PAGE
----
It is said no man is an island, no man stands alone. True human existence can not prevail positively or productively without the dynamics of society. In many ways society has put restrictions on man, and has held him back from his surroundings. It can also be said that in today’s society is blinded by the fantasies and stereotypes that surround them. Therefore man remains confined to realms of the world, which in turns cripples humanity. This society has placed man in his own bubble and left him to suffer, and to die if he does not measure up to the prevailing social standings. The theme alienation from a small society is depicted through setting by both authors Conrad and Kafka in Metamorphosis and Heart of Darkness. This depiction demonstrates how this isolation has a negative impact on man.
As illustrated in Metamorphosis, Kafka demonstrates the isolation of Gregor, the protagonist through the medium of his room. The “room” symbolizes how Gregor lacks relationship with his surroundings, his family and others. Kafka describes it as being “A regular human room” with “the four familiar walls” (3). This is society’s standards. It is portrayed as being full of ones basic essentials; with the regular old furniture. However, like always as the novel continues Gregor’s life continues there is change. His room is transformed to his new life and essentials. He begins to lose all his furniture, which “he had been use to [for] so long” (33). As a result there is a sense of emptiness and hollowness which is reflective of his surroundings and himself. This abyss of isolation devels into grave and endlessly has him suffering from the lack of interaction with humanity.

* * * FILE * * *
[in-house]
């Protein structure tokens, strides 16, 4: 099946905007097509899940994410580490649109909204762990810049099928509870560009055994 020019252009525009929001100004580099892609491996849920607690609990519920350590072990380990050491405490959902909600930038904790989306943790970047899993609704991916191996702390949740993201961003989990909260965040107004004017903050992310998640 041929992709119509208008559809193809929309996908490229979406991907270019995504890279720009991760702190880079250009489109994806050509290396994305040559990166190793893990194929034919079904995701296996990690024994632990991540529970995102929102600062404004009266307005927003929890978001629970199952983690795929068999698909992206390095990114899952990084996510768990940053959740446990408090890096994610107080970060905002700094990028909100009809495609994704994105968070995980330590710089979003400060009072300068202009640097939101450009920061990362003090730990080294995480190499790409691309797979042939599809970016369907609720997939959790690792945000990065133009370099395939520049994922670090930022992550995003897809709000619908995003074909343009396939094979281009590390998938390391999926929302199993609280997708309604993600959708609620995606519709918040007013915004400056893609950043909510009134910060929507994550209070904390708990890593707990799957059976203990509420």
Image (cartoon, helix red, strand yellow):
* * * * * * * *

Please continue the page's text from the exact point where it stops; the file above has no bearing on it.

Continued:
On the contrary, in Heart of Darkness, Conrad focuses on the iso...
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...the soul, simply the manipulation of has a negative result.
Essentially, both authors conclude that it is through alienation within a small society that ultimately leads to the primary characters’ demise and death. Whether their individual cases are self imposed or externally imposed, the results and the impact are the same, annihilation of the human soul. Their character ultimately fall into the abyss of loneliness and despair proving that human existence cut-off and on its own is more destructive than positive. Thus their message seems to suggest that as humans, we need society in order to truly belong and have a connection, purpose and worth in this life, in order to truly live.
Conrad, Joseph. Heart of Darkness. New York: Barnes and Noble Classics, 2003.
Kafka, Franz. The Metamorphosis. Trans. Stanley Corngold. New York: Bantam, 1972.
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